Med Teach. 2023 Jun 10:1-9. doi: 10.1080/0142159X.2023.2218982. Online ahead of print.
PURPOSE: Although the mistreatment of medical students is a well-researched topic, the scope of mistreatment often leaves out neglect, a subtype for which there is no accepted definition based in the published literature. This review sought to summarize the existing data on the prevalence and descriptors of neglect, identify strategies seen in the literature designed to improve it, and offer a synthesized definition of this phenomenon to guide future research.
METHODS: Following PRISMA guidelines, a relevant systematic literature search from 2000 to April 2021 was performed to identify literature on neglect in clinical settings within American medical schools.
RESULTS: Neglect, a poorly defined phenomenon in medical education related to the suboptimal learning environment, is often excluded from research on medical student mistreatment. Neglect is a barrier to a successful learning environment, yet a paucity of data and the heterogeneous nature of the present literature render it difficult to estimate its true prevalence. Studies that include neglect frequently assess it solely as the result of identity discrimination or stated career interests. Recent interventions include promoting longitudinal relationships between students and clinical faculty and establishing teaching expectations.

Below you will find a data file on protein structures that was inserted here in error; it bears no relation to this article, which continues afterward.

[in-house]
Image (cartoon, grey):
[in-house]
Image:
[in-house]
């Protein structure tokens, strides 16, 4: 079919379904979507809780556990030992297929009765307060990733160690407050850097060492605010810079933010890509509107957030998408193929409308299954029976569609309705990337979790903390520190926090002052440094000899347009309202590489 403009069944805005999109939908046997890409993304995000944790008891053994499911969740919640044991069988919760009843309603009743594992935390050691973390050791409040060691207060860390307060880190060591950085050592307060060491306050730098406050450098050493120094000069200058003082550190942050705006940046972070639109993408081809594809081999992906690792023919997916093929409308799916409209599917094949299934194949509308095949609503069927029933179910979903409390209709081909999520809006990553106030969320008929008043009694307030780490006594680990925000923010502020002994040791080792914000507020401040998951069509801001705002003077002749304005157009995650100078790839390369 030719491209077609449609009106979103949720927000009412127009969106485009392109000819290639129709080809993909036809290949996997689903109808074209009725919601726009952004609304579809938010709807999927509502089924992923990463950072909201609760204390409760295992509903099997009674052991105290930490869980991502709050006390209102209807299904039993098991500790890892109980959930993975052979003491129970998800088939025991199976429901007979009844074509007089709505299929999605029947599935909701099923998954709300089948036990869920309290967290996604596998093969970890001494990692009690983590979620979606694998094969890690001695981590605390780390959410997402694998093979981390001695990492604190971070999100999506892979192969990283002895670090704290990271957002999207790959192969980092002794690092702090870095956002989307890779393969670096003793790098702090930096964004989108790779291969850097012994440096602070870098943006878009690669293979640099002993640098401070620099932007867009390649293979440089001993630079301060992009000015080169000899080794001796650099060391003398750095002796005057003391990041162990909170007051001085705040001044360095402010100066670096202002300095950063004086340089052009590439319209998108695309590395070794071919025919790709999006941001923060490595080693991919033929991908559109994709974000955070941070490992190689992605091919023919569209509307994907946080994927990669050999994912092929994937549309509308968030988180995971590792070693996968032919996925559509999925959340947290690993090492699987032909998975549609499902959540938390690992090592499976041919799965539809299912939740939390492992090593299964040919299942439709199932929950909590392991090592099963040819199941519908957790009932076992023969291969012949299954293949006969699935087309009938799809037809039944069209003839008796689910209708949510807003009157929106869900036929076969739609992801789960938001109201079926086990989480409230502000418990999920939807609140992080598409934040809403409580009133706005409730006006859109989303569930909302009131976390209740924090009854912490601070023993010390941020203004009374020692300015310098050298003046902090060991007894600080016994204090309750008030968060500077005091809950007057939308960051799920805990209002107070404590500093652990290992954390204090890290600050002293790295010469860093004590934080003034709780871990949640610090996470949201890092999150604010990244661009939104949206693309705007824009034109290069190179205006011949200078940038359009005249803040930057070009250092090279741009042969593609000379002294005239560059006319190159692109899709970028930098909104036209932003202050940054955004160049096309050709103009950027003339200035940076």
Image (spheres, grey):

CONCLUSIONS: Neglect is the mistreatment of medical students by the medical care team via a lack of meaningful inclusion in the clinical environment such that it has a notable negative impact on learning and student well-being, regardless of intentionality. An established definition that is grounded in the literature is required to create a common point of reference and understand its true prevalence, its associated variables, and the best mitigation strategies, as well as to guide future research, which should examine neglect independently and as a consequence of personal and professional identities.